San Carlos has made tremendous strides over the past twenty years. Turning itself from a once sleepy, mostly overlooked town, into one of the premier locations on the peninsula. This notion is supported by the fact that San Carlos has been able to not only hold property values steady through the nationwide mortgage crisis, but it has been one of the few towns in the United States to actually see a property value increase. Excellent elementary and middle schools, the resurgence of downtown and an invigorated community have all led to San Carlos’ ability to climb the ladder of premier peninsula towns. Don’t get me wrong, while San Carlos has come a long way it cannot compete with the likes of Burlingame and Palo Alto…..but its not out of the realm of possibility.
Certainly our weather is better than in Burlingame and our downtown is not as congested as in Palo Alto……so why are we a step behind? The answer is found with the most common concern of buyers moving to San Carlos: We need a HIGH SCHOOL. Both Palo Alto and Burlingame have excellent high schools. Buyers give me the same facial expression each time they ask the question of the assigned high school for the particular San Carlos property….I would equate their facial expressions to that of a golfer who just hit his golf ball out of bounds and with his eyes shut and teeth clenched, he is praying not to hear the sound of screeching tires or a broken window. This is not a knock against Sequoia and Carlmont. The difference is that people will settle for Sequoia and Carlmont whereas in Palo Alto and Burlingame people are moving there because of their high schools.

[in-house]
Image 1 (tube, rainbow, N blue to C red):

Creating a high school which could be managed under the San Carlos School District is the Final Frontier for San Carlos. The founding of such a school would cement San Carlos’ reputation among the elite towns on the peninsula.
Those that have been around San Carlos long enough, will remember San Carlos High School at the present-day location of Highlands Park and Stadium Field. The school was closed and the city sold the land to a housing developer. This is often referred to as one of the biggest mistakes in the history of San Carlos. So how do we get it back? And how do we make sure that the San Carlos School District has control of the school rather than the Sequoia Union High School District?
Start with the basics. Where would the new San Carlos High School be built? Many are quick to say that we are out of land. This is not necessarily true. The city owns a nice piece of property off of Crestview that could possibly be used for this purpose. Additionally, with the redevelopment efforts about to take place on the eastside, certainly there is room to at least examine the possibilities.
Let’s suppose that a site can be identified. The most important question is up next, “Where will we get the money?” Certainly, the school district would have very little to pump into the construction of a new school. Everyone is going to need to do their part. Parcel taxes, utility taxes, localized sales taxes, grants and bonds would all need to be put into motion. The undeniable fact is that the people of San Carlos would pay for the school. As mentioned in the blog post a few weeks ago regarding the comments made by Mayor Brad Lewis, sometimes you need to spend a little to get a lot. Nobody likes additional taxes. However, for those who could take a long term view and treat the taxes as an investment in their property, I believe they would see one of the best investments they could ever make.
The new San Carlos High School would erase the one glaring blemish on the city’s resume. It would be the single greatest thing we could do as a town to increase our current property values and offer San Carlos students the opportunity to acquire a first class education without leaving the City of Good Living.